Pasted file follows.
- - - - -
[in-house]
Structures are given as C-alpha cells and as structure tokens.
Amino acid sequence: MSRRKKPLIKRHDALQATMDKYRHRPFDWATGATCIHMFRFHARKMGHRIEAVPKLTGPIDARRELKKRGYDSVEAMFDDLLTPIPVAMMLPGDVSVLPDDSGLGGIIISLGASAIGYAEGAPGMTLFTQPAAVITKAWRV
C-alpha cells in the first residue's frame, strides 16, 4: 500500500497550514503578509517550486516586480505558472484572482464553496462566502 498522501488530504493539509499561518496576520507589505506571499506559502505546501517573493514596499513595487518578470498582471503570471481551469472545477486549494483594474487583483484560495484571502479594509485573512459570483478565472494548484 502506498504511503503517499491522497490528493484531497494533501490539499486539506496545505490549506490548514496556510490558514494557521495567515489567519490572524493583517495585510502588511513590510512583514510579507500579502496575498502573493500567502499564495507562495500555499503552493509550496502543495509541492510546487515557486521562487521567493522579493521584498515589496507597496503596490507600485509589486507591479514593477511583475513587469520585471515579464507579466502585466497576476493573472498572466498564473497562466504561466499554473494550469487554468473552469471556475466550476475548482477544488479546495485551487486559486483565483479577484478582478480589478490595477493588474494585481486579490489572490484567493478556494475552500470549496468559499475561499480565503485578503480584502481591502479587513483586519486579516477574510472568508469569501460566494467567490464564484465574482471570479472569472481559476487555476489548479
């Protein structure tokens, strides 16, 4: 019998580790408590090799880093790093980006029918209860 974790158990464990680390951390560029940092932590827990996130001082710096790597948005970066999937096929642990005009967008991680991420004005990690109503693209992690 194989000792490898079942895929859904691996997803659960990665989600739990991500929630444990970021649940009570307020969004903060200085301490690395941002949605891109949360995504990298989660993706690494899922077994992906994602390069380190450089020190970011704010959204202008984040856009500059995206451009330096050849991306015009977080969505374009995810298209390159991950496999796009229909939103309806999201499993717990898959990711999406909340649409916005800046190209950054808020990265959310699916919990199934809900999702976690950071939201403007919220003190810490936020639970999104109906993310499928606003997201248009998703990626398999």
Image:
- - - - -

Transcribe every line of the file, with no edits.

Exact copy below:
[in-house]
Structures are given as C-alpha cells and as structure tokens.
Amino acid sequence: MSRRKKPLIKRHDALQATMDKYRHRPFDWATGATCIHMFRFHARKMGHRIEAVPKLTGPIDARRELKKRGYDSVEAMFDDLLTPIPVAMMLPGDVSVLPDDSGLGGIIISLGASAIGYAEGAPGMTLFTQPAAVITKAWRV
C-alpha cells in the first residue's frame, strides 16, 4: 500500500497550514503578509517550486516586480505558472484572482464553496462566502 498522501488530504493539509499561518496576520507589505506571499506559502505546501517573493514596499513595487518578470498582471503570471481551469472545477486549494483594474487583483484560495484571502479594509485573512459570483478565472494548484 502506498504511503503517499491522497490528493484531497494533501490539499486539506496545505490549506490548514496556510490558514494557521495567515489567519490572524493583517495585510502588511513590510512583514510579507500579502496575498502573493500567502499564495507562495500555499503552493509550496502543495509541492510546487515557486521562487521567493522579493521584498515589496507597496503596490507600485509589486507591479514593477511583475513587469520585471515579464507579466502585466497576476493573472498572466498564473497562466504561466499554473494550469487554468473552469471556475466550476475548482477544488479546495485551487486559486483565483479577484478582478480589478490595477493588474494585481486579490489572490484567493478556494475552500470549496468559499475561499480565503485578503480584502481591502479587513483586519486579516477574510472568508469569501460566494467567490464564484465574482471570479472569472481559476487555476489548479
């Protein structure tokens, strides 16, 4: 019998580790408590090799880093790093980006029918209860 974790158990464990680390951390560029940092932590827990996130001082710096790597948005970066999937096929642990005009967008991680991420004005990690109503693209992690 194989000792490898079942895929859904691996997803659960990665989600739990991500929630444990970021649940009570307020969004903060200085301490690395941002949605891109949360995504990298989660993706690494899922077994992906994602390069380190450089020190970011704010959204202008984040856009500059995206451009330096050849991306015009977080969505374009995810298209390159991950496999796009229909939103309806999201499993717990898959990711999406909340649409916005800046190209950054808020990265959310699916919990199934809900999702976690950071939201403007919220003190810490936020639970999104109906993310499928606003997201248009998703990626398999």
Image: